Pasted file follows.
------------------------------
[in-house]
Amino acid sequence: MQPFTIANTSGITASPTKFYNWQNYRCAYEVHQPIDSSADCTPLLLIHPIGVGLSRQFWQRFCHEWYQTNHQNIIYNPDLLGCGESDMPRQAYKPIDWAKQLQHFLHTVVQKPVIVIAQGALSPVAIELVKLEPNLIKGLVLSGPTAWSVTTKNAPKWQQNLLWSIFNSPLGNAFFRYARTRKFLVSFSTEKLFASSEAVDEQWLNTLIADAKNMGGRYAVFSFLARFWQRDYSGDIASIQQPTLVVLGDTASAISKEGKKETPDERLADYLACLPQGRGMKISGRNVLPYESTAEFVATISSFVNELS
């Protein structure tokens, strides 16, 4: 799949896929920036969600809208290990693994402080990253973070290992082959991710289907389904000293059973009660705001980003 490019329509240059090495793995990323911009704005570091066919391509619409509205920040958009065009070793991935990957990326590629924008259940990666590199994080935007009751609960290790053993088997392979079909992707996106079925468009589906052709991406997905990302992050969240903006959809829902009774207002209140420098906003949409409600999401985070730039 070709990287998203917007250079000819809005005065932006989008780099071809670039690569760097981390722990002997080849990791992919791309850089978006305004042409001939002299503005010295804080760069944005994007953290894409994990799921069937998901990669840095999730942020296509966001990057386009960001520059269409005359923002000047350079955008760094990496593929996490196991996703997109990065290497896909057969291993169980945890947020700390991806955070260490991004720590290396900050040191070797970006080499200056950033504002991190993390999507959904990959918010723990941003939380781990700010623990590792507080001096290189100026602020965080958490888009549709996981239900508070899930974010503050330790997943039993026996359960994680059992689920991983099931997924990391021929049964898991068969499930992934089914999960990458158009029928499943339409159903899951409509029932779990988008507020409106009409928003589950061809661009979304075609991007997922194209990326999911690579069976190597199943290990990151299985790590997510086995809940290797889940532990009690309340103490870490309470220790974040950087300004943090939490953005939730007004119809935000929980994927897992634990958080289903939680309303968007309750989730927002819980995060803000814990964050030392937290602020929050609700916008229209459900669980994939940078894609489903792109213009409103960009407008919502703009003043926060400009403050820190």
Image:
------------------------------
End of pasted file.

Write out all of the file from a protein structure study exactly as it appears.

[in-house]
Amino acid sequence: MQPFTIANTSGITASPTKFYNWQNYRCAYEVHQPIDSSADCTPLLLIHPIGVGLSRQFWQRFCHEWYQTNHQNIIYNPDLLGCGESDMPRQAYKPIDWAKQLQHFLHTVVQKPVIVIAQGALSPVAIELVKLEPNLIKGLVLSGPTAWSVTTKNAPKWQQNLLWSIFNSPLGNAFFRYARTRKFLVSFSTEKLFASSEAVDEQWLNTLIADAKNMGGRYAVFSFLARFWQRDYSGDIASIQQPTLVVLGDTASAISKEGKKETPDERLADYLACLPQGRGMKISGRNVLPYESTAEFVATISSFVNELS
């Protein structure tokens, strides 16, 4: 799949896929920036969600809208290990693994402080990253973070290992082959991710289907389904000293059973009660705001980003 490019329509240059090495793995990323911009704005570091066919391509619409509205920040958009065009070793991935990957990326590629924008259940990666590199994080935007009751609960290790053993088997392979079909992707996106079925468009589906052709991406997905990302992050969240903006959809829902009774207002209140420098906003949409409600999401985070730039 070709990287998203917007250079000819809005005065932006989008780099071809670039690569760097981390722990002997080849990791992919791309850089978006305004042409001939002299503005010295804080760069944005994007953290894409994990799921069937998901990669840095999730942020296509966001990057386009960001520059269409005359923002000047350079955008760094990496593929996490196991996703997109990065290497896909057969291993169980945890947020700390991806955070260490991004720590290396900050040191070797970006080499200056950033504002991190993390999507959904990959918010723990941003939380781990700010623990590792507080001096290189100026602020965080958490888009549709996981239900508070899930974010503050330790997943039993026996359960994680059992689920991983099931997924990391021929049964898991068969499930992934089914999960990458158009029928499943339409159903899951409509029932779990988008507020409106009409928003589950061809661009979304075609991007997922194209990326999911690579069976190597199943290990990151299985790590997510086995809940290797889940532990009690309340103490870490309470220790974040950087300004943090939490953005939730007004119809935000929980994927897992634990958080289903939680309303968007309750989730927002819980995060803000814990964050030392937290602020929050609700916008229209459900669980994939940078894609489903792109213009409103960009407008919502703009003043926060400009403050820190």
Image: